If you want to be in the presence of countless world class athletes, you work your connections and book yourself a ticket to the Olympic Games. If you want to be surrounded by the film industry’s glitterati, you show up in Cannes in May, or scoot to Utah in January for Sundance. Art hounds can make a sport of spotting the Next Big Thing by globetrotting from Venice Biennale to Art Basels around the world.
If, however, you want to be amid the planet’s preeminent mixologists, master distillers, bar owners, and the cocktail cognoscenti who love them, you head to New Orleans for five sweltering summer days.
At the seventh annual Tales of the Cocktail this past July, you only had to take a saunter through the Carousel Bar (yes, it actually spins – albeit at a snail’s pace) at the Hotel Monteleone, the event’s headquarters, to hear impromptu conversations about long-lost gin styles that are making a comeback, debates over what sweetener works best when making vermouth, or heated discussions that break down the merits of different shaking techniques. And those are just the casual encounters.
The five days are jam-packed with seminars and tasting rooms where attendees can try products old and soon-to-come, often poured by the distillers. And you can forget what’s been famously said about New York, New Orleans is actually the city that doesn’t sleep, which affords lengthy stretches of spirit-soaked time to catch up with mixologists from around the world.
Several sessions this year focused on the whisky industry. The ever-engaging Simon Brooking, ambassador for Ardmore and Laphroaig, went tete-a-tete with Jim Beam’s notorious Whiskey Professor Bernie Lubbers and Canadian Club ambassador Dan Tulio in the well-travelled “Great Whisky Debate”which, fittingly enough, took place at the Bourbon House. This battle of wits, moderated by Whiskey Professor Steve Cole, had guests worked up into a low-grade frenzy.
And still no winner prevails.
Serious insider insight was brought into stark relief when Fred Noe, great-grandson of the iconic Jim Beam and seventh-generation distiller; Maker’s Mark president Bill Samuels, Buffalo Trace master distiller Harlan Wheatley, and Tom Bulleit of Bulleit Bourbon took their places at an appropriately elevated table for the “Whiskey Legends” seminar. Writer and spirits expert Paul Pacult moderated the talk, which tackled industry issues amid a dynamic landscape where consumers’ interests, innovation and the informal rules of the marketplace are in perpetual flux.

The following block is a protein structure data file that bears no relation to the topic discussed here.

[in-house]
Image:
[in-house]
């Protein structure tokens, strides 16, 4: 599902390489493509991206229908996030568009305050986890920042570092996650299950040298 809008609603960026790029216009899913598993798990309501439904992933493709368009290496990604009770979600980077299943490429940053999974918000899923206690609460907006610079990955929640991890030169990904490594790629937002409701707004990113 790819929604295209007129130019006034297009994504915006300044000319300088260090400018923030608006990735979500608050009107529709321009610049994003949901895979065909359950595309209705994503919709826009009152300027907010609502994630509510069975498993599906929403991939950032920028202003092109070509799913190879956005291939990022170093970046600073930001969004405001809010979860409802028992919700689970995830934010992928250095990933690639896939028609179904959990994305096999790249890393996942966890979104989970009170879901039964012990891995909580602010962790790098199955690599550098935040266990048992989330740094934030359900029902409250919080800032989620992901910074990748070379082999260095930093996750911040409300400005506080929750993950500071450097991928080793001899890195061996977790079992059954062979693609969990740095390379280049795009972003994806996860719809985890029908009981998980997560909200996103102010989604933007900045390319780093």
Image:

"You can forget what’s been famously said about New York, New Orleans doesn’t sleep"
Pacult broached the topic of how American malts, having long been given the brush-off, especially by loyal Scotch drinkers, have quickly risen to a status of unassailable distinction. To what do the all-star panelists attribute that turnaround? Tom Bulleit jumped right in with, “In that regard, American bourbons are single malts.”
Although the American whiskey category is barely adolescent in that context, the distillers agreed that innovation and flexible thought is the way to ensure the long-term popularity.
“The trick is to stay ahead of the curve,” said Wheatley, noting that with all the web forums and chat rooms which engage audiences globally, consumers are educating people at the plant these days. “We get a few calls every week from people suggesting experiments we should try. We have a list of 100 things and we say ‘We’ll put that on it.’ We can’t do them all, but there are different ideas.”